Seattle University's student newspaper since 1933

The Spectator

Seattle University's student newspaper since 1933

The Spectator

Seattle University's student newspaper since 1933

The Spectator

Cupid & Condoms: How to protect yourself this V-Day


Condoms are the most common form of contraception on Seattle University campus and the same trend appears on most college campuses, according to the National College Health Assessment. With Valentine’s Day upon us, partners interested in getting intimate this holiday are looking to condoms and other contraceptives for safe sex practices.

Seattle U, congruent with its Catholic Jesuit values, does not distribute condoms on campus. According to the written Distribution of Contraceptive Devices Policy in the Code of Student Conduct Section 4.18:

“As a Jesuit Catholic institution, Seattle University prohibits the distribution of contraceptives/contraceptive devices in any form on Seattle University… and at University-sponsored events. Seattle University respects the personal decisions individuals and their healthcare providers may make regarding contraceptives/contraceptive devices and in no way prohibits their possession or use.”

According to 2017 National College Health Assessment (NCHA), 56 percent of Seattle U students used some method of contraception the last time they had vaginal intercourse.

Of these students, 57 percent used a male condom. About half of those students using a male condom also employed an additional method of contraception such as birth control pills or intrauterine devices (IUDs).


Although they are not distributed on campus, Condoms remain one of the top contraceptive methods for students.

Jane Rohr, a junior psychology major and Health and Wellness Crew (HAWC) member, uses this data to lead informed programming around safe sex practices and contraception usage.

“We did not experience any backlash to our events. There are certain resources that we cannot use, like Planned Parenthood, because they are associated in the public eye as a resource to talk about abortion and abortion does not coincide with Seattle U’s Jesuit afiliation,” Rohr said.

At the event and in the Wellness and Health Promotion Office, HAWC provided resources from Lifelong, a local community health organization committed to empowering people living with or at risk of contracting HIV and other chronic illnesses.

The Wellness and Health Promotion Office on the third floor of the Student Center supplies free packets of non-spermicidal lube donated by Lifelong. Students can also access all of Lifelong’s resources at 1016 E. Pike St. on the third floor including free HIV testing and condoms.

Both Lifelong and Harborview Medical Center and Walgreens Pharmacy on 11th Ave. provide free condoms within walking distance from the school.

“I just want to get the information to the students,” Rohr said. “We talked openly about contraceptives at our events, what they are and the different types, and all the scientific data around them.”

For sexually active people, condoms are the only way to protect against the spread of sexually transmitted diseases (STD). Some on campus have called into question the university policy to not distribute condoms, which they say is valued over students’ health. With that said, STD testing is available in the Student Health Center on campus.

“Many STDs have no symptoms or very mild symptoms that can be explained away as something else. Students can discuss with their nurse practitioner how frequently they should be tested,” said Tara Hicks, Director of the Student Health Center and nurse practitioner.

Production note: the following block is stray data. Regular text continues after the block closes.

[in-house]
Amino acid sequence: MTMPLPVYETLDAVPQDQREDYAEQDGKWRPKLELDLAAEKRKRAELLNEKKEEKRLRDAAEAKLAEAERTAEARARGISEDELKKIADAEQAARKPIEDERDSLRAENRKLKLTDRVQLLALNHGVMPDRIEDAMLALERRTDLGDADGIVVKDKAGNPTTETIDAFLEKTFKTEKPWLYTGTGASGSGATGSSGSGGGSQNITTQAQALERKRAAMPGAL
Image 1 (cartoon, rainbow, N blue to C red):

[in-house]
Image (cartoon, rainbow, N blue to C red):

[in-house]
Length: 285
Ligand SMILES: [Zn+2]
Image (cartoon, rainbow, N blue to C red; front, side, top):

Hicks said most students are able to get an appointment at the Student Health Center within a week for routine appointments, and sooner if they’re experiencing symptoms of sexually transmitted infections.

In the seven years that Hicks has been with the Student Health Center, condoms have not been distributed.


Although they are not distributed on campus, Condoms remain one of the top contraceptive methods for students.

However, the health center does not have restrictions in what they can prescribe or discuss with patients regarding sexual health and community resources. Students are referred elsewhere for pregnancy prevention such as IUDs or implants.

“The desire to help keep the students at Seattle University safe around sexual health is a value we share with the community,” Hicks said. “The important points to be clear on is that the possession or use of contraceptives/contraceptive devices are not prohibited and students are encouraged to have a conversation with their healthcare provider, which includes the nurse practitioners in the Student Health Center.”

Referring back to the 2017 NCHA data—a resource anyone can access online or through the Wellness and Health Promotion Office—15.9 percent of Seattle University undergraduate respondents who had vaginal sex in the last 30 days reported always using a condom or other protective barrier.

This data is consistent with the national average at 15.5 percent. In, addition, 66 percent of Seattle U undergraduate respondents who had anal sex in the last 30 days reported never using a condom or other protective barrier. This coincides with the national average of 60 percent.

“What we know is most important when it comes to STD prevention or pregnancy is correct and consistent usage of any contraceptive method chosen,” said Ryan Hamachek, Director of Wellness and Health Promotion. “Abstinence only works when you are doing it consistently and correctly, just like a condom.”

For students who choose not to remain abstinent, resources on and off-campus are available to empower them with healthy sex practices and protection, 100 percent of the time.

Jacqueline may be reached at
[email protected]

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Jacqueline Lewis, Arts and Entertainment Editor

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